Now that I have a behind the scenes view of the fitness industry, I thought I'd share a few tips on how to find a qualified personal trainer. While most trainers really know their stuff and want the best for their clients, there's also some people out there who shouldn't be training clients.
Hiring a personal trainer is a big decision. You're going to be making an investment in your health, so you want to make sure that you find the right person. You'll also be spending time with them every week, so you'll want to ensure that you two connect on a personal level. Below I've shared a few tips on how to pick the right personal trainer for you.
Ask about their education and certifications // While education and certifications don't guarantee that a personal trainer will know what they're talking about, it's much more likely that they will. Don't be afraid to ask a potential trainer about their certifications. Ask them what was involved to get certified (some are simply weekend courses while others require a minimum of two years of university level education).
Most certifications also require continuing education credits to continue being certified. Ask them if their certification is still current (someone who got certified 20 years ago but has let their certification lapse and hasn't learned anything else about fitness since then probably isn't the best option), and how many credits they need every year to stay certified.
How long have they been training // Ask your potential personal trainer who long they've been training. If they're right out of school, they may not have a lot of hands on experience, but they will most likely know the newest research. On the other hand, someone who has 10 years of experience training will have more work experience but may not know the latest research as well as someone who just finished their degree. Figure out what's important to you and base your decision on who to hire accordingly.
Passion // Just like with any profession, I think it's obvious when people are in it just for the money. After spending a few minutes with someone, I think you'll be able to tell if they're passionate about helping people achieve their fitness goals. There's nothing worse that a personal trainer who is just a rep counter. You'll want to find someone who is watching you, making sure you're doing the exercises correctly rather than someone who's texting on their phone or scrolling through Facebook.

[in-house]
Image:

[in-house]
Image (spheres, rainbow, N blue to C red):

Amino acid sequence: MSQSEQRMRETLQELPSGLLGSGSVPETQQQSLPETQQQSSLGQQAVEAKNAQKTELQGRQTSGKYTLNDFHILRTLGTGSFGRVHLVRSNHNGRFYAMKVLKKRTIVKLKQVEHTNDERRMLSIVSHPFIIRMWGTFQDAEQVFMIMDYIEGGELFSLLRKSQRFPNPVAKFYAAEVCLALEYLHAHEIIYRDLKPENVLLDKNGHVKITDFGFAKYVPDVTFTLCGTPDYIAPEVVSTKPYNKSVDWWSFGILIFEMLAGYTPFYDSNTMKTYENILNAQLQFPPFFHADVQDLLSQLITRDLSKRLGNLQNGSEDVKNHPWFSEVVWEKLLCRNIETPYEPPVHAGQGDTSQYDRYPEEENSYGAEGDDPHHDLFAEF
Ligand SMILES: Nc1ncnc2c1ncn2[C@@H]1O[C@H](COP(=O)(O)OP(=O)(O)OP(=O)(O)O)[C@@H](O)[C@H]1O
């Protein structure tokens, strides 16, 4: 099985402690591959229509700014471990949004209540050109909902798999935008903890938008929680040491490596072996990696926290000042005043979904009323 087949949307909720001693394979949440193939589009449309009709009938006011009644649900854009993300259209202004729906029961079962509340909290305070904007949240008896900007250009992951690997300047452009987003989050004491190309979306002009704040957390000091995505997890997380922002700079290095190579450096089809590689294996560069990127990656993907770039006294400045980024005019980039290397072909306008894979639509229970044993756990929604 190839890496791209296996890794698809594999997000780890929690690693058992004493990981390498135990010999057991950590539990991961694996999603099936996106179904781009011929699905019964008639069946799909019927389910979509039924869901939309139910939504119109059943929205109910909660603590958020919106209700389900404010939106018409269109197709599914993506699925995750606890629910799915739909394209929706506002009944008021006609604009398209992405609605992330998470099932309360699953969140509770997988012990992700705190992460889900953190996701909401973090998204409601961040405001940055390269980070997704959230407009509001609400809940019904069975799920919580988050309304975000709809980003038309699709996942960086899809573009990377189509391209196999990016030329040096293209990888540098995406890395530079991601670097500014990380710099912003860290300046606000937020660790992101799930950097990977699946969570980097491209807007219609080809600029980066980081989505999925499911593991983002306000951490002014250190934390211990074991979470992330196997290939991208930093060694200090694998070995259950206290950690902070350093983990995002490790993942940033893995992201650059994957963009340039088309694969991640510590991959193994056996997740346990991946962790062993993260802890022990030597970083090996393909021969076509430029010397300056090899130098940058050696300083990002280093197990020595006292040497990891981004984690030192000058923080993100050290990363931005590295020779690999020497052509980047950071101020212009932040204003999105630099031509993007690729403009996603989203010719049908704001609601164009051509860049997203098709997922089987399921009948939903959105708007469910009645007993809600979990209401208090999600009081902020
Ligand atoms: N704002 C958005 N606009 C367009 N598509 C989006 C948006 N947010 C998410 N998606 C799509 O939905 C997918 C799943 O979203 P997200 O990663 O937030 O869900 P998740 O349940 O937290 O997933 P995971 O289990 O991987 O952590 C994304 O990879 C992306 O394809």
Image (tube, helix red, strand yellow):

Know what kind of motivation is right for you // There's many different things that motivate people. One person might like someone who's constantly yelling at them and getting in their face, while others will like someone who's more soft spoken and takes a more low key approach. Make sure you and your trainer are on the same page when it comes to motivation. This should come up during your first session when you're during the assessment.
Let them know about any injuries/issues // Make sure you're up front and honest about any injuries or issues you may have before you decide on your personal trainer. Some trainers like to work with specific populations, and therefore know more about them and the issues that they may have. For example, someone who works primarily with pre and postpartum clients probably wouldn't be the best fit for an older adult in his 80's who has high blood pressure and balance issues. You want to make sure you get the best fit possible with your trainer, which means that they might refer you to someone who has more experience working with your injuries/issues.
Fitness assessment to start // Any good personal trainer will start off with an assessment and get to know you. Everything from past fitness experience to injuries should be discussed, as well as your goals. By the time the assessment is over, your trainer should have a good idea of your lifestyle, how fitness will fit into it, and what you want to achieve while working together. I would be very wary of working with a trainer who doesn't take the time to get a full picture of their client. Having a baseline to start from and figuring out goals is such an important part of the training process.
Spotting and cuing // Like I mentioned above, it's important that your personal trainer knows how to properly spot and cue different exercises. Both of these prevent injuries that could otherwise happen. A trainer should know what a “good” squat looks like as well as a “bad” one, and how to cue a bad one into a good one. Whenever weights are involved, your trainer should also know how to properly spot. Some exercises you can't spot (like a clean and jerk), while with others spotting is really important to prevent injury (like squats and bench press).
My last tip is to watch how they interact with their other clients. Are they paying attention to their client instead of chatting with a coworker? Are they taking notes on how the workout is going? Does their client look comfortable with them? All of these things are important, and separate a so-so personal trainer from a great one.
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Leave a comment below about what you look for in a personal trainer.